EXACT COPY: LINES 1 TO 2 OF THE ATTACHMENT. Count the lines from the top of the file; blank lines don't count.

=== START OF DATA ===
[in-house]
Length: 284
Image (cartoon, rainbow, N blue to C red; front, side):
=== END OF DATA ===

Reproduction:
[in-house]
Length: 284